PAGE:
Multi-Tenancy in Laravel 5.5

For the past few months I have been working on a SaaS which, like most SaaS applications has multi-tenancy at it’s core. In this post, I am going to share code from my application and discuss why I have implemented it the way I have. I have implemented it in such a way that each tenant has their own database, I chose this method because it’ll make it easier to split the databases across multiple servers if the need to scale horizontally ever arises.

Model and Database Configuration

I have 2 databases that will be called for each tenant, the dms_core database which holds the instance information and dms_slug table which will be the tenant specific instance. The tenant and domain models are part of the core, and because of this they both have the following property set

in database.php i’ve modified the configuration to look like the following

This means that I have 2 database connections, mysql_core is the core connection and mysql the default connection for models will be the tenant/instance specific connection that is modified later on.


The first table I created was the tenants table, this is the table that is going to keep track of all the SaaS instances.

The second table is the table that is going to store all the domains associated with each instance, the is_root column will be used to redirect non-root domains to the root domain.

Service Provider

The next step is switching out the database, I chose to do this in a service provider because this is where I feel this code should live – it’s specific to the entire application not a just HTTP requests for example.

This code checks to see if the domain is registered to a tenant and then binds the record to the IoC container – this means that I don’t need any additional database queries to fetch the current tenant. One thing I did notice, if null is returned from an IoC container binding the closure is ran every time the binding is resolved, this is why I am returning false. I then change the database name to the slug retrieved from the tenant record.


So I’ve bound the tenant to the IoC container, and swapped out the database if a tenant was found matching the domain name. But what do we do in the HTTP layer? Well, I decided to write some middleware to handle this.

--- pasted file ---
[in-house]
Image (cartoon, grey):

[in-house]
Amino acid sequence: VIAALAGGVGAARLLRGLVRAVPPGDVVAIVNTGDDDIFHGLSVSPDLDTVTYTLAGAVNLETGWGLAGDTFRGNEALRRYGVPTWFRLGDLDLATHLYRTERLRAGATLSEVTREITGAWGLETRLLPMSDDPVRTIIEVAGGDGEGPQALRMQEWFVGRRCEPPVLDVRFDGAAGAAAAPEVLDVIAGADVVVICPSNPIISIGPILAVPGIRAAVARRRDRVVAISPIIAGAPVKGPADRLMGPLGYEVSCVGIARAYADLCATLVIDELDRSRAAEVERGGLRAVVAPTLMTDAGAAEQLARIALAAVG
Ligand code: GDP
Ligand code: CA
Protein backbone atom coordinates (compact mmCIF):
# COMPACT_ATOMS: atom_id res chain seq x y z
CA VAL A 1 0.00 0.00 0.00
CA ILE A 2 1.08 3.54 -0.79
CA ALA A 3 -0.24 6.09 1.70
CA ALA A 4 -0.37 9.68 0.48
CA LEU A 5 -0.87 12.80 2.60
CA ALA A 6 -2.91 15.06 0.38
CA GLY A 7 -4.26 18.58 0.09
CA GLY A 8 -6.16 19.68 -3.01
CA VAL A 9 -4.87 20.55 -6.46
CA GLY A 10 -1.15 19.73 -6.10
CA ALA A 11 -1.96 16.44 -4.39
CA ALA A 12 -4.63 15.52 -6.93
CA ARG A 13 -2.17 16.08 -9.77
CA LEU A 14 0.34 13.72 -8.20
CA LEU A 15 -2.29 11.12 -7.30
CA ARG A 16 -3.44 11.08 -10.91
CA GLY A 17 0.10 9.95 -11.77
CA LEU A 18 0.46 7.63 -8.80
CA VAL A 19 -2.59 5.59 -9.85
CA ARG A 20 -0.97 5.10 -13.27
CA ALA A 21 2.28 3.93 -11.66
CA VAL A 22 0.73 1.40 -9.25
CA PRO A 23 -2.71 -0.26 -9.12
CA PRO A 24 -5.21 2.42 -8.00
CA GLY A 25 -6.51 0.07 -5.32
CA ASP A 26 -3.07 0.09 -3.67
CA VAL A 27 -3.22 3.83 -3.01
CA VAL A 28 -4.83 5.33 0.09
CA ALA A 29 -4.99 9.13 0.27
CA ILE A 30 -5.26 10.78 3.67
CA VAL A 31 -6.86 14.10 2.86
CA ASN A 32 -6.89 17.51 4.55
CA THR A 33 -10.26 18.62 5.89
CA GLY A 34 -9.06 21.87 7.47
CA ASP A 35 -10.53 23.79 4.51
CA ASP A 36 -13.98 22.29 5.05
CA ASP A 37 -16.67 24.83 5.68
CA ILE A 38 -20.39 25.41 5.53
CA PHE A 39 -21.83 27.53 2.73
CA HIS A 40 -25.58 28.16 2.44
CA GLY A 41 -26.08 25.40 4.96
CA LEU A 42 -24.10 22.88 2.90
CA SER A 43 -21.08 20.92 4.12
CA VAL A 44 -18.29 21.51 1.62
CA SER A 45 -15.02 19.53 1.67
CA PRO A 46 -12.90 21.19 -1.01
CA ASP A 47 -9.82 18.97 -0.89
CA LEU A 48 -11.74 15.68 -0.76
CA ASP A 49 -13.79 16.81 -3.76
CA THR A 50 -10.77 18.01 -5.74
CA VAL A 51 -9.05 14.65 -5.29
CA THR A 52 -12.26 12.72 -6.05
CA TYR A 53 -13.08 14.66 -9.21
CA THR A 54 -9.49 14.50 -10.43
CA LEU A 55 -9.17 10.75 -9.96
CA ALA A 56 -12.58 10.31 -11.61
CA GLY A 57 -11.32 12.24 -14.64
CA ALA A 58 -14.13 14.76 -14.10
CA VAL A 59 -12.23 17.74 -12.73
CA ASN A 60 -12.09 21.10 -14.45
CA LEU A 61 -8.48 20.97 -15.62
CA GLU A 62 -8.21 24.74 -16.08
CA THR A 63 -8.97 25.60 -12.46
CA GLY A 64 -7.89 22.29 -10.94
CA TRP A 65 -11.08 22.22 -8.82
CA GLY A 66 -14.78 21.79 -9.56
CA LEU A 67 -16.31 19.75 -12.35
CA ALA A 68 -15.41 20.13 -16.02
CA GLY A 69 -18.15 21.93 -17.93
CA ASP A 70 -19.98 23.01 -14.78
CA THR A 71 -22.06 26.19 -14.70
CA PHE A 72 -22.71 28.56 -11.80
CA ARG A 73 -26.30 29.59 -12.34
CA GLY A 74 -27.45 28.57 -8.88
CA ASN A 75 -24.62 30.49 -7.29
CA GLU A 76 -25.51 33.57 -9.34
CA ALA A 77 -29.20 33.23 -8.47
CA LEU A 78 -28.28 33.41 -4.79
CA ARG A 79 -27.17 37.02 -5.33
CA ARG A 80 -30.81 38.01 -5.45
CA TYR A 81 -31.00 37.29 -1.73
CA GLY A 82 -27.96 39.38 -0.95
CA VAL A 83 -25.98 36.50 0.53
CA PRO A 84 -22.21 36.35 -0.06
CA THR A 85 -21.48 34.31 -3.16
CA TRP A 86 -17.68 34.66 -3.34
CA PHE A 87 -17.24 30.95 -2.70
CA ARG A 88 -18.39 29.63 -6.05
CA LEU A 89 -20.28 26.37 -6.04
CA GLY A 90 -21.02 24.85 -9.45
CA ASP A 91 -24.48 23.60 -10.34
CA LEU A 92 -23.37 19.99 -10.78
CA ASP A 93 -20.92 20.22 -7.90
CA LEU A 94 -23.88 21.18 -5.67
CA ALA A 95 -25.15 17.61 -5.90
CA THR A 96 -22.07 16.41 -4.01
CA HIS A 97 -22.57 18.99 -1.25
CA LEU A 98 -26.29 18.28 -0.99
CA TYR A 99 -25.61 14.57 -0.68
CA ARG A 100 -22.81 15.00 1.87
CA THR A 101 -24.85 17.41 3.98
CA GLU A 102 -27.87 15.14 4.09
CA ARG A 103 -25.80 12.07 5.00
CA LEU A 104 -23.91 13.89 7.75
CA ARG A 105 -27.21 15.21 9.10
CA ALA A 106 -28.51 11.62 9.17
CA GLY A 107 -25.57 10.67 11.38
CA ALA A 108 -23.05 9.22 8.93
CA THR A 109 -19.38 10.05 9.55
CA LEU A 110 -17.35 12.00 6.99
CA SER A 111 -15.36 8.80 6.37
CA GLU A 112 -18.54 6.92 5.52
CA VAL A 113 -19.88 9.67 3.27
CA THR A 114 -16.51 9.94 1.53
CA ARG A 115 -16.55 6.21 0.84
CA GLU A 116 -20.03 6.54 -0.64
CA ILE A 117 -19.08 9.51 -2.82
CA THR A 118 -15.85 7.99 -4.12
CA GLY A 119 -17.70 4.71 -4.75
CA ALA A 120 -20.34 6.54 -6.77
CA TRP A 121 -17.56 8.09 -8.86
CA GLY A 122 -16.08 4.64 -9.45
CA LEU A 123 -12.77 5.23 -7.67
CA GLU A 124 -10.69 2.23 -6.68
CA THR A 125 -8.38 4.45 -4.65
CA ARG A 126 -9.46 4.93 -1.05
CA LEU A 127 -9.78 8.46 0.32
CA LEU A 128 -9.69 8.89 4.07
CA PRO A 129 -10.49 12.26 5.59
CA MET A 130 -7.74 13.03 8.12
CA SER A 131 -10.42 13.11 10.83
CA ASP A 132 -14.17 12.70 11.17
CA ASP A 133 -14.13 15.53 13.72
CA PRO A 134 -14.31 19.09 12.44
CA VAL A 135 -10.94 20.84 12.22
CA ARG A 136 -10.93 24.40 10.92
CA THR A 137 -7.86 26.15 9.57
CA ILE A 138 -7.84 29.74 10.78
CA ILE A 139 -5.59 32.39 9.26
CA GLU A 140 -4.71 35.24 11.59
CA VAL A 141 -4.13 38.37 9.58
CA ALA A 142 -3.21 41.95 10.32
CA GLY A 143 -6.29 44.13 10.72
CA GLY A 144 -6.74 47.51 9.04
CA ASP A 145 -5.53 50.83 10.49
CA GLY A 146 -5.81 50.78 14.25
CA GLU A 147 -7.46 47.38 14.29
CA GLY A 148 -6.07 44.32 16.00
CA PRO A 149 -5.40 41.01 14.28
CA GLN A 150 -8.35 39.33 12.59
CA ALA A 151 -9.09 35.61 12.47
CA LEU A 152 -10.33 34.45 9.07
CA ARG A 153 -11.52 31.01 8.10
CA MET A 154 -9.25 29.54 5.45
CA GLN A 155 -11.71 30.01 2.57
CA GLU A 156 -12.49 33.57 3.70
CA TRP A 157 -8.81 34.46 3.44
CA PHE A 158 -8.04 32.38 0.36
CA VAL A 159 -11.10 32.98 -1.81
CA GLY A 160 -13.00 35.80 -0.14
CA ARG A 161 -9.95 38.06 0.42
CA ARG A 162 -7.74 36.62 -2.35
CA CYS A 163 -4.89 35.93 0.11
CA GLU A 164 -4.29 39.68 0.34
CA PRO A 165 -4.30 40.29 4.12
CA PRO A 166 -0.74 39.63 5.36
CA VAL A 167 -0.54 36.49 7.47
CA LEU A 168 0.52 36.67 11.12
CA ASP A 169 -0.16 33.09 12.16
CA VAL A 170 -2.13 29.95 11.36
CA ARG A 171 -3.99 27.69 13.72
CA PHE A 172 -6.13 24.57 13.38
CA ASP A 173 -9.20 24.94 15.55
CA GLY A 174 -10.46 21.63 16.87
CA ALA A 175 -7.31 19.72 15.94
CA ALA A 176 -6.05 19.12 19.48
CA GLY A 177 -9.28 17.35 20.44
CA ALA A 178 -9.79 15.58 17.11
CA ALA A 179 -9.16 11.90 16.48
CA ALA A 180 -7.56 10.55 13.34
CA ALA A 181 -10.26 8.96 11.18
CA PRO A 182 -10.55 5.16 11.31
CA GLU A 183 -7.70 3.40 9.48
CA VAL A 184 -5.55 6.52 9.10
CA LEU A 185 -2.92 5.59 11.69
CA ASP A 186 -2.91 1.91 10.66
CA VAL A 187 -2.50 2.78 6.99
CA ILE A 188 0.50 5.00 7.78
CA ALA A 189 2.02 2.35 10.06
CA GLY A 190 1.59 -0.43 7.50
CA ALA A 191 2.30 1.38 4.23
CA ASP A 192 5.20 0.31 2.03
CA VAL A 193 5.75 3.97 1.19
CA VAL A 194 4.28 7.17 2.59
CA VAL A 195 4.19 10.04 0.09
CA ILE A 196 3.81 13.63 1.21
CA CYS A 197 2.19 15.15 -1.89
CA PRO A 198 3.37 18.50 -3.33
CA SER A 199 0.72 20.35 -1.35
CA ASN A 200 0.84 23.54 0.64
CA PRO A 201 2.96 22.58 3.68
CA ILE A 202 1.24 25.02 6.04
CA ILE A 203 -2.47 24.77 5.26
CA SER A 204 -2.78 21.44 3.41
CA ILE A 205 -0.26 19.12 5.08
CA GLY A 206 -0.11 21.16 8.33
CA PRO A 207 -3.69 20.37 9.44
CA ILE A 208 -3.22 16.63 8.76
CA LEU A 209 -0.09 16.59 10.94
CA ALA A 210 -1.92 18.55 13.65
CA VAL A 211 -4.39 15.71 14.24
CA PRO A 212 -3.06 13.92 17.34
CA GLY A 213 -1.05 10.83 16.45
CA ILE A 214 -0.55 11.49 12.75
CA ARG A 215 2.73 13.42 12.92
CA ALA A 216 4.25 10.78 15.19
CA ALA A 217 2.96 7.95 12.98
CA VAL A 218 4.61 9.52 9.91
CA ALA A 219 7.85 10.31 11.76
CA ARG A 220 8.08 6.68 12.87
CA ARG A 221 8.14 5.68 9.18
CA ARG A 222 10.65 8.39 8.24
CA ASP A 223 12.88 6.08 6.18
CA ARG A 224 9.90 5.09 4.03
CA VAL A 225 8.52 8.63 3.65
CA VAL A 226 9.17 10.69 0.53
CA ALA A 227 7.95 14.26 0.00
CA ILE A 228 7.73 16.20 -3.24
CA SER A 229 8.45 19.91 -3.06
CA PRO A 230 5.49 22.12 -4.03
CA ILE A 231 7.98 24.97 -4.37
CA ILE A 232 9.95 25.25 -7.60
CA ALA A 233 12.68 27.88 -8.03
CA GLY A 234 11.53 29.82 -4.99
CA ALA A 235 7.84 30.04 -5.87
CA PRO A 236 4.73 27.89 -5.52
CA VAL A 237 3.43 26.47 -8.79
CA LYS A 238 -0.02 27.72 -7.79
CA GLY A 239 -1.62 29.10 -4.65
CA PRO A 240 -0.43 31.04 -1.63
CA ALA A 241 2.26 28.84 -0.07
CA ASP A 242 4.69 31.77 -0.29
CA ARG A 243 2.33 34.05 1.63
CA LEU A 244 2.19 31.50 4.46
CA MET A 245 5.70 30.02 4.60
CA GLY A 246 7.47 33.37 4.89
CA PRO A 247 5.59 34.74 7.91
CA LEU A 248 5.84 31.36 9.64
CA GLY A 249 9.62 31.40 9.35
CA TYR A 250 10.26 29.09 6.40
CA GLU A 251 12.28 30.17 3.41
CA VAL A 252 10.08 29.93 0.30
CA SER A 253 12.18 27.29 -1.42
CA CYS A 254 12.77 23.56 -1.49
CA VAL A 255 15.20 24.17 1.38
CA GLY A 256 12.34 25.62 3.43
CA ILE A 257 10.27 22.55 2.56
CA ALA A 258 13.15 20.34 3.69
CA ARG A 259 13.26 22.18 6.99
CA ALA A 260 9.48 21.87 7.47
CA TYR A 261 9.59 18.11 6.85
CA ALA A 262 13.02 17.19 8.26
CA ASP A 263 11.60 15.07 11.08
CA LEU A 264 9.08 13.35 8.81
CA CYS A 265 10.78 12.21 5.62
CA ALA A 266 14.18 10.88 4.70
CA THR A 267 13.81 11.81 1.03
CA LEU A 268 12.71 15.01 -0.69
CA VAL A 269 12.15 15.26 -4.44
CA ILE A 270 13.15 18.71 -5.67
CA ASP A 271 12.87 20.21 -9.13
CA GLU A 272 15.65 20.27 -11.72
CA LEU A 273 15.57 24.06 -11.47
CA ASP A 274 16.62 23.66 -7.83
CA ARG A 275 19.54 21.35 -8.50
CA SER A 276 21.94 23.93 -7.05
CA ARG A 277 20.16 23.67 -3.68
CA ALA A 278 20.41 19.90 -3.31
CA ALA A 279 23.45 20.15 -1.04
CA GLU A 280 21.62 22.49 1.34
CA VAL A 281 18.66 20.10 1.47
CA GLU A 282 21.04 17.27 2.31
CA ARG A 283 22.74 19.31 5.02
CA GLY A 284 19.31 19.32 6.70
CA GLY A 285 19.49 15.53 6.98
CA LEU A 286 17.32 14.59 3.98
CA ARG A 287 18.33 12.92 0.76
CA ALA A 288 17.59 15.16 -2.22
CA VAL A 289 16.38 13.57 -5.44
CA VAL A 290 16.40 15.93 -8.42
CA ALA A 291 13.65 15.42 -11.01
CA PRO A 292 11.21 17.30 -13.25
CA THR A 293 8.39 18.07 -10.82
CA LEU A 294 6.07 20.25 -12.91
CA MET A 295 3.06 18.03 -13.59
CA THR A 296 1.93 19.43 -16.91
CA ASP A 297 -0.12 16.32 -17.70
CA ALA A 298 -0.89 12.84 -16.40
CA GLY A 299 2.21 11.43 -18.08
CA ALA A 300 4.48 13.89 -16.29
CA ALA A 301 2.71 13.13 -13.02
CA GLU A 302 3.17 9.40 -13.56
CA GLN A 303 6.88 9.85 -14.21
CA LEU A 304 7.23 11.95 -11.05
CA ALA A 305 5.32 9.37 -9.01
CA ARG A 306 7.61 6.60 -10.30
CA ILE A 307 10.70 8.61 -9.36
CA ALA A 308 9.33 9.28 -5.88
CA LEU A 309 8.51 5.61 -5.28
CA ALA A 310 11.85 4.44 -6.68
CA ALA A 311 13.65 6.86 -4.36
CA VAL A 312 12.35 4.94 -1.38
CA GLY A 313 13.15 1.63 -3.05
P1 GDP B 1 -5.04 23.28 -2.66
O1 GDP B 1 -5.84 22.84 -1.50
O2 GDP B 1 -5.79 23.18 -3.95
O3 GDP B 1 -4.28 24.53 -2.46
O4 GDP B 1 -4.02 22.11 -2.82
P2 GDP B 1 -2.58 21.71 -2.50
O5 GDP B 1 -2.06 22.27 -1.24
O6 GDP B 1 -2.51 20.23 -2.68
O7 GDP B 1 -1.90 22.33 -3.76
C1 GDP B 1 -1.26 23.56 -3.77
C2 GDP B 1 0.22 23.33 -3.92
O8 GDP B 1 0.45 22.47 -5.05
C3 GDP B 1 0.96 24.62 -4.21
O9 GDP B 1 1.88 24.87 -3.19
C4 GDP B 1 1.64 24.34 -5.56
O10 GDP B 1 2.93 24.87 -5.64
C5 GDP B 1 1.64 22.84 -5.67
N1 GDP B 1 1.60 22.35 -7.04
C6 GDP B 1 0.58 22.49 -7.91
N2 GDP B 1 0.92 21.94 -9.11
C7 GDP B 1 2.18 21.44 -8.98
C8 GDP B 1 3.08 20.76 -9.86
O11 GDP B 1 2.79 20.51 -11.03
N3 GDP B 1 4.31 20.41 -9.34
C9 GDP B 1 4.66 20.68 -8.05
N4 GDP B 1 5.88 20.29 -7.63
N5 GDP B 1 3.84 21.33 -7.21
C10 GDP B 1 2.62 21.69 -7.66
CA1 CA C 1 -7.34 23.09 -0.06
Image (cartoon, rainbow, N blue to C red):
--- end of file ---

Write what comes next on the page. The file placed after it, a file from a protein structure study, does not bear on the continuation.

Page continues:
If the tenant binding in the IoC container returns false, we can assume that no tenant was found. So lets return a 404, otherwise continue to the next request.

With the way I have implemented this, the maximum number of overhead that is added by the multi-tenancy implementation is 2 database queries which I think is pretty impressive.

I think that covers everything, if anyone has any questions, comments or ideas on how to improve this let me know!

Edit – There’s a barebones example of this available on my GitHub profile here (some of the code may differ slightly to what’s in this post) –

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Any chance you could cook up a barebones demo of this? I’m new to Laravel & multi-tenancy in general, so seeing some actual code would really help. Whatever your response may be, thanks for sharing this – I’m sure it’ll be of help in the future.

Hi Héctor,

I’ll get a barebones demo of this coded up on GitHub 🙂 I’ll let you know when it’s there!


Hey Craig,

Unfortunately I just injured my right arm in a motorcycle accident and won’t be able to play around with your demo just yet ( typing this from the phone with my left hand was more challenging than I expected hehe). I’ll do so once I’m able to use my right hand again. If I have any questions / observations / suggestions I’ll make sure to let you know.

Once again, thank you for being do kind and share this with everyone.

Hi Craig! Thanks for this blog post. Just curious, could not see this in your example, do you have any ideas about how to serve user-uploaded assets like images for each tenant if they have separate domains?

Hi Jan,

It depends on the size of the files you wish to serve.

If the files are small, I would make a PHP based “proxy”, for example -> FilesController@view -> Uses the tenant bound in the IoC container to proxy files from storage/tenants/

If the files are larger, I would use nginx and a structure like to serve the assets – This will be a bit more difficult to develop; but will be faster and less resource intensive than the PHP Proxy.

If there’s anything else I can help with, let me know!


Hi Craig, thanks for your answer! 🙂

I will undoubtedly go for the Nginx and try_files-approach since it’s images, but the trouble is the URLs. Like env(‘APP_URL’) which is used here and there directly (changing app.url in Config seems not do do it.) in various places and overriding .dotenv is against the whole design.

Instead, I have to set APP_URL to blank and manually add the domain where it’s needed. Would be so nice just to tap into APP_URL and change it.

i am following your blog.. i have an issue, i cloned your project, composer installed it, and configured DB and DB_CORE variables, generated the key for the application, but when i try to see laravel using, it says sorry the page you are looking for could not be found

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